While we recognize that socioeconomic position may influence opportunities to participate in doctoral training, socioeconomic status is not a protected characteristic under the Equality Act (2010), which is a key prerequisite for positive action. Additionally, as our institutions have not historically collected data relating to socioeconomic status, we do not have the same evidence base to inform interventions.
Nevertheless, we recognise that diversity encompasses and goes beyond protected characteristics as set out in the Equality Act (2010) and should include everything that makes us unique. Within our evolving widening participation work, we aim to develop strategies that consider and capture data related to socioeconomic status, caring responsibilities, or being a care leaver. As a first step, we have now included these within our application form in order to enable more contextualized assessment. In addition, we have aimed to promote flexibility in the programmes, such that accommodations including part-time study may be made available as possible.
What have been some of the hurdles in implementing your EDI strategy so far?
During the first year of the programme, we have begun implementing our EDI strategy, and we look to share our lessons learned and best practices with the doctoral training communities more widely. We have particularly welcomed opportunities to collaborate closely and co-develop EDI strategies with the Wellcome Trust-supported Global Health Research in Africa Doctoral Training Programme.
Compared to previous years, we had fewer UK applications this year, and we look to understand why this was the case to improve our recruitment strategies. In particular, we will examine the way we advertise the DTP across different networks, the website that provides information on the application process, as well as the application materials and their accompanying documents.
Implementing the mandatory training sessions for all potential supervisory teams was a major undertaking, which was only possible with the amazing support of the EDI and TED teams at LSHTM. Overall, we were really pleased with the take up and engagement, as more than 140 potential supervisors completed the training. Nevertheless, we recognise that the EDI, unconscious bias, and microaggression trainings were, in many ways, the start of the conversation. Going forward, we are considering further training requirements linking to the wider work on this area at LSHTM and SGUL including case-based refreshers as well as training on anti-racism and on understanding contextualised assessment of applications.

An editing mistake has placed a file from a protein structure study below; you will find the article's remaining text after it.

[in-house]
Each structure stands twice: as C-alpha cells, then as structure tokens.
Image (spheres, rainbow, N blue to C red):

We were pleased with the attendance by prospective students at the Applicant Workshop. While the online delivery created some challenges from a facilitation perspective that we hope to improve on next year, it also made the event more widely accessible, especially to our international applicants. We have collated questions from this year’s Q&A session that will allow us to continue to improve the pre-application support for next year.
How do you see the programme developing further?
To monitor and evaluate the impact of the EDI strategy, we will use an intersectional approach to examine our student recruitment data and also engage with our newly recruited students to listen to their experiences. We have also met with potential supervisors to learn from their perspective as partners in the development of this programme. On completion of the first round of recruitment to the studentships, this is good timing to learn from the last year and to ensure we are collecting appropriate data and feedback to be able to continue to improve our EDI strategy in future years. Another priority area for our team related to recruitment will be to expand our programme’s links with Post-’92 Universities. Finally, we want to see our students thrive in the programme, and we are continuing to refine our approaches for improving student mentorship and support. Our goal is for each of our students to have both world class scientific training as well as a positive and rewarding academic experience.
In a recently published Commentary in Health Policy and Planning, we discuss how the COVID-19 pandemic and its economic consequences have raised questions about the availability, design, implementation, and accountability of external assistance for health. We argue that these questions have made urgent the need for a fundamental rethink of how to conceptualize and implement external assistance such that it better aligns with and strengthens domestic health systems. This in turn is key for external assistance that will enable rather than undermine efforts to sustain the coverage of services that are essential for countries to move closer towards universal health coverage (UHC). While noting opportunities to draw on experiences of countries that have transitioned away from external support we also reflect on the paucity of literature that can inform such a rethink and the need for more research in this area.